To fill the gaping hole in our calendar from the cancellation of the Dubai World Cup (G1), we’re taking solace in memories from old Nad al Sheba and its successor, Meydan. Monday’s feature recounted my five favorite World Cup winners, so now it’s time to turn the spotlight to the turf.
I’ve expanded to a “Top 10” in light of the number of races to consider, principally the Dubai Sheema Classic (G1) and Dubai Turf (G1) (or Duty Free for those of us who remember its origins). The Al Quoz Sprint (G1) and Dubai Gold Cup (G2) have been added in recent years, each deserving a mention on the list.
Historical context prompted me to include these rather than several others with worthy claims.
10. Sole Power – 2015 Al Quoz Sprint
I never thought Sole Power would get around to winning the Al Quoz. Not only was the Irish celebrity 0-for-Dubai, but Europeans had found this dash tough to crack since its transfer to the World Cup card. When Sole Power delivered his patented late charge to take the Al Quoz in his fifth attempt, edging Hong Kong’s Peniaphobia, he was the harbinger of a trend reversal. Now European speedsters have taken the last three runnings.
9. Jay Peg – 2008 Duty Free
South African champion Jay Peg looked beaten when the closers overtook him in the stretch, and a slipping saddle didn’t help. But the brave pacesetter rose to the occasion. Coming again to beat the Aga Khan’s champion filly Darjina, Jay Peg posted the fastest time for the nearly 9-furlong event at Nad al Sheba – 1:46.20.
8. Solow – 2015 Dubai Turf
There was no such suspense in the 2015 edition, made memorable by Solow’s turning the stretch run into a solo performance. A supremely confident Maxime Guyon was admiring the Meydan jumbotron earlier than ever as the French star racked up his fifth straight win (a streak that would extend to 10 by career’s end).
7. St Nicholas Abbey – 2013 Sheema Classic
A shade unlucky not to catch Cirrus des Aigles a year prior, St Nicholas Abbey parlayed a more forward trip to victory in the 2013 Sheema. His defeat of Japanese Horse of the Year Gentildonna, who would go one better here in 2014, was just part of the story line. To this day, St Nicholas Abbey remains Aidan O’Brien’s only turf winner on Dubai World Cup night; indeed, the other Ballydoyle wins have all come in the UAE Derby (G2).
6. Vazirabad – 2018 Dubai Gold Cup
The only Thoroughbred to turn a three-peat in the history of World Cup night, Vazirabad accomplished the feat with characteristic panache. The Aga Khan’s homebred quickened from far back in the about 2-mile Dubai Gold Cup to prevail in a Meydan record of 3:17.92.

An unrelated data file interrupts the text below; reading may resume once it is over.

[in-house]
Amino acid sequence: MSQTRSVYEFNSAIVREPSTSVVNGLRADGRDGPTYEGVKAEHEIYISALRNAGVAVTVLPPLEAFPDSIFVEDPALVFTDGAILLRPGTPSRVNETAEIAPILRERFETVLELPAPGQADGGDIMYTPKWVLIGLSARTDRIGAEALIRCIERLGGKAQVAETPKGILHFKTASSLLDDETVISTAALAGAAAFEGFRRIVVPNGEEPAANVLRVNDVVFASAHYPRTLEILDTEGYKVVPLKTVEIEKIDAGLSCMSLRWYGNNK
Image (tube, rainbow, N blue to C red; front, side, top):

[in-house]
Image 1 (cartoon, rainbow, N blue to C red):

5. Jim and Tonic – 2001 Duty Free
If a duel to the wire between two titans is thrilling, how about a three-way tussle among legends? That’s the treat served up in just the second running of the Duty Free in its World Cup night incarnation. Australasian queen Sunline boxed on along the rail, while Hong Kong standout Fairy King Prawn swooped on the outside, and French world traveler Jim and Tonic ultimately prevailed between them. The globalization of racing was embodied in the photo finish.
4. Stay Gold – 2001 Sheema Classic
Two races earlier on the same card, defending Sheema champion Fantastic Light appeared to have the repeat in the bag. Yet Japanese outsider Stay Gold kept up his determined pursuit to the wire, where he somehow managed to get his nostril down at the right nanosecond. You had to feel for Fantastic Light’s brutal beat. Although Stay Gold gave Japan a breakthrough first World Cup night win, it smacked of a lucky head-bob. The intervening years have put him in a different light, however. Stay Gold went on to sire a series of champions including Orfevre, and his stud record casts fresh glory on his Sheema upset.
3. Ipi Tombe – 2003 Duty Free
The pride of Zimbabwe who captivated South Africa, Ipi Tombe burst onto the international stage in Dubai. Her superb turn of foot enabled her not merely to erase a substantial deficit in the 2003 Duty Free, but win more comfortably than you’d forecast given her position in the stretch. Ipi Tombe blew away a multiple Group 1-winning globetrotter in Paolini, an image worth remembering when he later dead-heated for the 2004 Duty Free trophy (with Right Approach).
2. Heart’s Cry – 2006 Sheema Classic
As the only horse to thwart the mighty Deep Impact in his native Japan, Heart’s Cry entered the 2006 Sheema in career form. Even so, his front-running coup around Nad al Sheba was something to behold. British aristocrat Ouija Board, too far back to land a blow off those splits, had to settle for fourth behind the commanding winner. Heart’s Cry has added to his legacy at stud, siring reigning Japanese Horse of the Year Lys Gracieux and the number one on our list.
1. Just a Way – 2014 Duty Free
Both the clock and the form book testify that Just a Way delivered an astonishing performance in the 2014 Dubai Turf. Exploding from near the back of the pack, the Japanese standout struck the front, then kept up the fireworks for the entire length of the Meydan stretch. He drew further and further clear of Vercingetorix, until that formerly unbeaten South African was left 6 1/4 lengths adrift. In third came Breeders’ Cup Filly & Mare Turf (G1) champion Dank. They didn’t stand a chance once Just a Way put on a show in a course-record 1:45.52, an effort that catapulted him to the top of the Longines World’s Best Racehorse Rankings for the duration of 2014.